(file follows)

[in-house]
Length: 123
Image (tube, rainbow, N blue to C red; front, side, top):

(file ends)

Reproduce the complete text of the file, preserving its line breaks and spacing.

[in-house]
Length: 123
Image (tube, rainbow, N blue to C red; front, side, top):